LOA 53 ft., 10 in.
Beam 15 ft., 6 in.
Draft 4 ft., 9 in.
Displacement (dry) 52,000 lbs.
Fuel 634 gals.
Water 150 gals.
Engines Twin CMD QSM11-715 w/Zeus
Base Price (as tested) $1,716,710
Standard Equipment
Cummins QSC8.3 600 hp diesels w/Zeus drive, dual engine controls, SmartCraft instrumentation,  20-gal. water heater, 3-burner recessed cooktop, Vitrofrigo stainless refrigerator and freezer w/ice-maker, convection/microwave oven, Glendinning Cablemaster dockside inlet, 4-zone air conditioning w/reverse-cycle heat, central vacuum, entertainment center in master, VacuFlush heads, innerspring mattresses, light cherry interior wood w/high-gloss finish and more.
Optional Equipment
Twin CMD QSM11 715 hp diesels w/Zeus drive, full bridge hardtop, bridge air conditioning, hydraulic swim platform, video monitoring system, washer/dryer combo unit, Onan 23 kw generator, underwater transom lights, Raymarine premium navigation package on the bridge, KVH Trac Vision TV system and more.
Meridian Yachts, Knoxville, Tenn.; meridian-yachts.com 
West Coast Dealer
M&P Mercury Sales, Burnaby, B.C.; mpmercury.com; (604) 524-0311

Lake Union Sea Ray, Seattle; lakeunionsearay.com; (206) 284-3800

Trudeau’s Marina, Portland, Ore., Spokane, Wash.; trudeaus.com

Sun Country Marine, Dana Point, Calif.; suncountrymarine.com; (949) 493-1740

MarineMax San Diego; marinemax.com; (619) 294-2628

Meridian 541 Sedan

Posted: December 1, 2012  |  Boat Type: Motoryacht

A more refined, feature-rich coastal cruiser

By: Mike Werling

Taking advantage of an extra day in Seattle after the Boats Afloat show — and a beautiful day it was — I hooked up with Lake Union Sea Ray’s Steve Thoreson to test the Meridian 541 Sedan. I’d had my eye on the 541 for a while, since seeing it at the Miami International Boat Show, and was glad to be able to test a new one.

The Meridian line has been undergoing a “Sea Ray-ification,” so to speak, evolving toward a more refined look, with nicer fabrics and hardware, upscale appliances, redone layouts and advanced power options. The 541 Sedan has a few features that stood out during my visit.

The salon is elevated, and not just a step. Three steps raise it above the dinette and galley, but it isn’t really separate, because there is no bulkhead to impede the view fore or aft. Raising the salon like that accomplished a couple of things, while still maintaining 6 feet, 5 inches of headroom. For one, it creates a space with great views out of the side windows and the windshield. Five people can sit comfortably in one chair and two love seats, which share an ottoman/coffee table (depending in which way the reversible top is flipped), and see the TV that’s built into the entertainment center on the port side. Second, raising the salon created room below for the master suite.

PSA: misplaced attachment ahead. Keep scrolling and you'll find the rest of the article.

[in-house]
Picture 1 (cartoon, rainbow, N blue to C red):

Something I liked and that cruisers with a penchant for entertaining will appreciate is the galley/cockpit area. The galley is aft and to port upon entering the boat from the cockpit, and a large tinted window separates it from the cockpit, unless you don’t want them separated. The electrically powered window retracts to let people in the galley mingle with people in the cockpit — a nice touch for those days when outdoor dining is on the schedule.

Two other features most buyers will want are the optional hardtop and the hydraulic swim platform, also optional. The hardtop and a full enclosure will keep you dry and warm on adverse weather days, and the hardtop looks like it belongs on the boat. It isn’t a design afterthought. The hydraulic platform is a great option if you plan to store your tender aft.

Welcome Aboard

Access to the vessel is via either of the sidedecks or the large swim platform. The carpeted cockpit on our test model has an aft bench seat, a TV, stairs to the flybridge and two barstools at a counter that is shared with the galley when the window is down. Through a sliding door is the main cabin, with the L-shaped galley immediately to port and a four-person dinette to starboard. Cleverly hidden under the aft dinette bench is a dishwasher. In the galley are all the usual suspects: a recessed three-burner cook­­top, a convection/microwave oven, storage and two drawer-style refrigerator/freezers. Forward and up three steps is the aforementioned salon. Those steps are also where the carpet begins. The galley/dinette area has a wood floor, but the rest of the boat, including the flybridge, is carpeted (which is different than on other 541 models, including the one pictured with this sea trial).